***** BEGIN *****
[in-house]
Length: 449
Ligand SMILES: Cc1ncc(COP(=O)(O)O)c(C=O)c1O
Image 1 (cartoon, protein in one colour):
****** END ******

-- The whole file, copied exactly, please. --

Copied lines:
[in-house]
Length: 449
Ligand SMILES: Cc1ncc(COP(=O)(O)O)c(C=O)c1O
Image 1 (cartoon, protein in one colour):